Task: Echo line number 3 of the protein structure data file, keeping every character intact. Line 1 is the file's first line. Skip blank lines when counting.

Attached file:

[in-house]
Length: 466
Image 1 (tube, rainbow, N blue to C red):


Image 1 (tube, rainbow, N blue to C red):